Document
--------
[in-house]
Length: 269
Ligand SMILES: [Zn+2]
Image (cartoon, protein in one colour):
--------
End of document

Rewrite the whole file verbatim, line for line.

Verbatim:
[in-house]
Length: 269
Ligand SMILES: [Zn+2]
Image (cartoon, protein in one colour):